The Angry Birds Movie (2016)
Starring: Jason Sudeikis, Josh Gad, Danny McBride, Maya Rudolph, Peter Dinklage, Sean Penn, Keegan-Michael Key
Directed by: Clay Kaytis, Fergal Reilly
Written by: Jon Vitti
Rating: PG Running Time: 1 hr. 37 min
So yeah, Angry Birds sucked. What did you expect? It’s a movie inspired by a popular video game.
This is modern Hollywood movie production 101. Buy the rights to a popular brand and whip it up into a frenetic crowd-pleaser. Blend in some topical content, hire some game voice talent, and voila! Guaranteed box office gold! Seriously, it’s only a matter of time before we get an animated movie about Emojis. Like Pixar’s Inside Out, but designed for people who think the Transformers movies are modern classics.
There’s no story here really, just a collection of moments designed to incorporate elements from the game, thrown together with some nonsense topical crap about political correctness. Red (Jason Sudeikis) is ‘angry’ because he’s surrounded by touchy-feely liberals who blindly accept the visiting pigs despite their clearly suspicious behavior. If there ever was a more obvious allegory for current refugee issues around the world, I haven’t seen it. This is blatant, and actually weird to find in a piece of entertainment aimed purely at kids. Proving once again (to me at least) that Hollywood isn’t a bastion of liberal propaganda—just a money obsessed machine navigating the world’s cultural trends.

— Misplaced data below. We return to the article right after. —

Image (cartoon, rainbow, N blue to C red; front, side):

Which is fine by the way. The big movie studio’s have to make money after all, and why wouldn’t they do their best to read the pop-culture winds and release products people want to see? It’s up to the general public to tell the content creators what they want, and vote with their dollars.
Angry Birds is exactly what summer movie going audiences want. A bright fast distraction based on something familiar, that’ll keep the kids quiet for 90 minutes. It’s a spectacle designed to dazzle and distract, operating on the intellectual level of a baby rattle, and only ‘elitist’ film snobs like me are going to point at its weird political content and say, “what the F-“.
This movie clumsily throws in a couple of gags for adults, but make no mistake, this is a kids film. A bright and forgettable whirl of color and action, that weirdly includes an opinion about political correctness and immigration policy.
When the film finally gets to the point of the game, as in, hurling irritated birds of varying abilities at pig built structures, it actually gets quite entertaining. If the makers of the film had simply focused on that, and set this up as a simple battle between the forces of good and evil (and left out the political rubbish), Angry Birds might have been something special.